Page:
During COP28, President Nyusi is anticipated to formally introduce the energy policy to the global audience.
According to a top energy official on Monday, Mozambique has authorized an ambitious new energy transition plan that would last until 2050 in the hopes of attracting investments of around $80 billion to expand the availability of power and boost renewable energy capacity.
During the COP28 climate meeting in Dubai on December 2, President Filipe Nyusi is anticipated to formally introduce the energy strategy to foreign partners and prospective funders.
Priority plans for the period between next year and 2030 include expanding the national electricity grid, converting to electric vehicles to reduce emissions from the transportation sector, and adding 2,000 megawatts of new hydropower capacity through the completion of the Mphanda Nkuwa Hydropower Project and the upgrading of existing plants.
“We are currently polishing the document and intend to make it available to the public later this week,” Pedro Simao, the minister of energy’s special adviser, stated to the Reuters news agency on Monday.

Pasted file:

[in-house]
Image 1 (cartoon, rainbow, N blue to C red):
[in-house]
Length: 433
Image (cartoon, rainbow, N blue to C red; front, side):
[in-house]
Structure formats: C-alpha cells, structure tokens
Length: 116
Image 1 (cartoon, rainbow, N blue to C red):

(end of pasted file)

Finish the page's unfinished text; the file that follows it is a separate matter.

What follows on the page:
On November 21, the Mozambican Council of Ministers gave their approval to the document.
In November 2022, the nation in Southern Africa shipped its first liquefied natural gas. It hopes that its abundant gas finds and potential for renewable energy would spur economic progress and enable millions of people escape poverty.
Even though the continent of Africa contributes the least to global emissions, nations there are getting ready to request more climate money for renewable energy projects ahead of COP28. Africa is perceived as being behind other continents in terms of environmental readiness.
Africa, home to 17% of the world’s population, produces just 4% of the world’s carbon emissions, or 1.45 billion tons. However, it has also been the site of some of the worst floods and droughts in recent memory, such as Cyclone Freddy earlier this year in Malawi and Mozambique, which claimed hundreds of lives and killed over 500.